Following the discussion from Part 2, my pastor responded with more great thoughts on the “Support the Troops” dilemma. I won’t post all of it as you would then be just reading my email. I have to save some stuff just for me!
I believe the peaceable way of Jesus is right not just for me or Christians or the church, but for all peoples. (That is, there is a strand of pacifism that would say the military is a necessary and legitimate function of government; someone has to do, but as followers of Jesus we just can’t.) At the same time, I also recognize that we can’t expect the ethics of Jesus apart from faith in Jesus. I’m only a pacifist because of my belief in the resurrection of Jesus. So I never presume that the government will become pacifist, because you can’t force anyone to believe in Jesus. We can though urge the government, based on it’s own values, to take steps toward more peaceable resolutions of conflicts.
I think that he is referring to, in the parentheses where he refers to a strand of pacificism that allows for a military), Just War Theory or to a belief that while some claim non-violence it is necessary for other to enact violence.
I struggle with Just War Theory as it make a lot of sense to me and that some events seem to require force in order to, for lack of a better word, combat them. For example, World War II seemed to demand military intervention. I am not sure how the expansion of Germany would have been stopped and the evil of the Holocaust would have been halted save military action. I am just not sure. However, while the entrance to WW2 may have been according to Just War Theory that does not qualify all of our actions in WW2 as just. The specific targeting of civilians in Hiroshima alone erased any hope of meeting Just War Theory standards ( Jus in bello demands that, “An attack cannot be launched on a military objective in the knowledge that the incidental civilian injuries would be clearly excessive in relation to the anticipated military advantage (principle of proportionality). ) I am practically a Just War Theorist. I do not think war should ever happen but know that in our society it is probably and tragically unavoidable, so in the lesser of two evils, I would ask that the war be as just as possible (is this even possible?).
The second category referred to is a super tough one indeed, in which some may act non-violently while others act violently. The issue here is that the violent action is merely a step removed but does not erase the act. Having someone act violently by proxy does not remove one from the responsibility. This is one of my concerns as an American citizen. My being a member of our society makes me complicit in the actions of our military. This category is the most ridiculous and blame is merely shifted but not removed. However, it is also the category that all of us as Americans are in no matter our place or belief. Even though I am a pacifist and even though I attend a Mennonite church and even though Mennonites do not support the violent actions of the US Military, the military still acts on our behalf (even if we do not vote for those leaders). Merely being here indicts us.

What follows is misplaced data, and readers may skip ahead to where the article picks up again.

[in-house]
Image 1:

So why even be a pacifist? If we are inextricably tied up in the systemic violence, and if we cannot escape the blame for it, why even try? I am not entirely sure.
I am a pacifist for similar, but slightly different reasons, than my pastor says above. “I’m only a pacifist,” he says, “because of my belief in the resurrection of Jesus.” For me, Jesus’ resurrection reinforces my pacificism and probably inspired my own non-violent beliefs but I am not a pacifist only because of it. I am a pacifist because I also believe it is a better way to be human. My faith is wrapped up I also think I would be a pacifist if I were not a believer. If I ever renounced my faith, I hope and think I would continue to believe in the tenets of pacifism.
The reason I am a pacifist are hard to name because I do not remember a moment of decision. It happened slowly, as most beliefs do, until at a certain point I realized I was one. However, it came through reading and understanding the moral calculus of violence and how it rarely leads to any redemption. It came through reading the stories of people like Gandhi, MLK Jr. and other heroes of non-violence. How eloquent are the words of these people who enacted a deep and profound love of humanity, to ultimately renounce the very act that could save their pain? Tolstoy, Thoreau, Thomas Merton, Simone Weil, and others inspired me to see the strength it takes to be non-violent.
Weil said, “We should strive to become such that we are able to be nonviolent.” That sums me up. I believe in non-violence but I am not non-violent. My theory and my action may be two different beasts. Thank God I have never been tested, and pray I never am. I have not had to fight because I think I would. But that does not mean I would be justified or believe that my actions were moral.
I am trying to put it in words and it hard. Sorry for the long and sprawling diatribe. Still trying to articulate. I guess I have to say, I am not entirely sure why, but I know that I hope to.